Barack Obama is typically viewed as the epitome of diplomacy, but during a conversation with Bruce Springsteen on Spotify’s eight-part podcast, Renegades: Born in the USA, the former POTUS revealed that he’s also capable of the occasional show of force.
During a discussion about racism in America, Obama recalled a difficult memory from his childhood, saying, “When I was in school I had a friend, we played basketball together, and one time we got into a fight and he called me a c—n.” He added with a laugh, “Now first of all, ain’t no c—ns in Hawaii, right? It’s one of those things where he might not even known what a c—n was. What he knew was, ‘I can hurt you by saying this.’” So, in response, the politician continued, “I remember I popped him in the face and broke his nose…It was just reactive. I said, ‘What?!’ and I popped him. He was like, ‘Why’d you do that?’ and I explained to him, I said, ‘Don’t you ever call me something like that.’” Obama also previously told this same story in his 2006 memoir The Audacity of Hope, explaining that the incident happened when he was in the seventh grade.
The conversation between the former president and Springsteen then turned to the larger issue of racism in America and uncovering the roots of that hatred. “The point is, what it comes down to is an assertion of status over the other,” Obama stated. “The claim is made that, ‘No matter what I am—I may be poor, I may be ignorant, I may be mean, I may be ugly, I may not like myself, I may be unhappy—but you know what I’m not? I’m not you.’ And that basic psychology then gets institutionalized, is used to justify dehumanizing somebody, taking advantage of them, cheating them, stealing from them, killing them, raping them, whatever it is. At the end of the day, it really comes down to that.” He added, “And in some cases, it’s as simple as, ‘I’m scared I’m insignificant and not important, and this thing is the thing that’s gonna give me some importance.’”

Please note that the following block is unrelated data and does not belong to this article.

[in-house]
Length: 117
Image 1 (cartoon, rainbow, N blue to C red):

The first two episodes of Renegades debuted on Monday, with the next six episodes slated to roll out over the course of the coming month, promising even more “deep and revealing conversations” between the two beloved cultural figures, “exploring a wide array of topics including race, fatherhood, marriage and the state of America.”
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